Lieutenant Governor of California on the State of Sustainability in California

In the State of Green Business Forum, California’s newly elected Lieutenant Governor Gavin Newsom came to discuss how California is pursuing clean tech, energy efficiency, and renewables.

California’s “new” governor, Jerry Brown, led the state in investing in renewable energy during his first tenure as Governor in the 1970’s, and with he and Newsom now leading the charge in our nation’s biggest and most prosperous state, California has some audacious goals. California has always been a leader in clean tech, environmental standards, and creating the jobs and infrastructure of the future.

Newsom was particularly proud of Californians for voting down AB32 in the polls by almost 2/3 last year, despite the overwhelming amount of money invested by Texas oil companies, and pointed at that as the first sign of where the state is.

Newsom’s environmental record as former Mayor of San Francisco is pretty strong in terms of policies to create incentives for companies to get involved in the local sustainable economy. The city now diverts about 80% of its waste from the landfill stream. The city has the largest municipal-owned solar installation, 5 MW, which was one of Newsom’s pet projects.

Joel Makower, Executive Editor of, asked Newsom that his goals for the state might seem audacious, given that California is not San Francisco, a city Newsom himself often likes to joke is “49 square miles surrounded by reality”. Newsom said he “flat out” didn’t buy it. As he said, people in Fresno are not that different than people in San Francisco. They still want to be safe when they walk out their front door to get the newspaper. They still want good schools for their children. They probably want to try an electric car, and they likely worry about range anxiety.

The key, Newsom said, is to connect with people where they are. Two topics that are too hot to touch politically are global warming and health care. So how do we talk about climate change? According to Newsom, you talk about clean air and clean tech jobs. Paraphrasing Newsom’s idea of how to talk to people about clean energy? “I don’t care about how much I pay per unit of energy on my utility bill, I just want to pay less for my bill overall.”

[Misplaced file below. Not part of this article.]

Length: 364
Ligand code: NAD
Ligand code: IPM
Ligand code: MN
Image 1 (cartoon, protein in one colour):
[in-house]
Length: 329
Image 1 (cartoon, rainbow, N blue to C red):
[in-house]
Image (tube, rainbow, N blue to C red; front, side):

When asked about where the state is heading, Newsom said, “The budget is an excuse. We need to get through the budgetary crisis, but we need to also be making investments in our economic future.”

Newsom’s goals for the state:

1. Wave energy. 4 miles off the coast of California, we can produce renewable energy from wave energy, and according to Newsom, we’re slightly behind Washington and very behind Oregon in getting the technology and infrastructure in place. He wants to invest and develop this technology.

2. Install a spine of electric vehicle charging stations. Paid for by car companies who are rolling out electric cars, these would be placed in all the rest areas off each highway in the state.

3. Getting the PACE program back up and running. Energy efficiency is our biggest opportunity, according to Newsom, and getting the PACE program back will generate a lot of investment in getting our existing building stock weatherized and more efficient.

But as nice as it is to have a Lieutenant Governor and Governor on board with the green economy, Newsom says the really exciting stuff is going on in cities. “States are a laboratory for democracy. Cities are a laboratory for innovation.” What cities can do will largely determine our future economy, because as one city goes and shows evidence of something working, others will follow, and follow much more quickly than we can at the state or federal level.

Stay tuned for more news from the State of Green Business Forum. As always, you can follow TriplePundit on twitter for live feeds from the event.


Scott Cooney is the author of Build a Green Small Business (McGraw-Hill) and Principal of

Scott Cooney, Principal of and author of Build a Green Small Business: Profitable Ways to Become an Ecopreneur (McGraw-Hill, November 2008), is also a serial ecopreneur who has started and grown several green businesses and consulted several other green startups. He co-founded the ReDirect Guide, a green business directory, in Salt Lake City, UT. He greened his home in Salt Lake City, including xeriscaping, an organic orchard, extra natural fiber insulation, a 1.8kW solar PV array, on-demand hot water, energy star appliances, and natural paints. He is a vegetarian, an avid cyclist, ultimate frisbee player, and surfer, and currently lives in the sunny Mission district of San Francisco. Scott is working on his second book, a look at microeconomics in the green sector.In June 2010, Scott launched, a sustainability consulting firm dedicated to providing solutions to common business problems by leveraging the power of the triple bottom line. Focused exclusively on small business, GBO's mission is to facilitate the creation and success of small, green businesses.

3 responses

  1. Reinventing the economies of California and British Columbia into deep green havens for social innovation is “the way”. Both jurisdictions have taken steps and have formidable challenges keeping up withe racehorses in the EU. Lining up the force of the market with green and local and socially sound must happen through taxes and edgy policy tools. We need the next Bill Gates or Andrea Jung’s of this world to harness their creative entrepreneurial “force” to heal broken places while offering ethical profits. Donna Morton, CEO First Power

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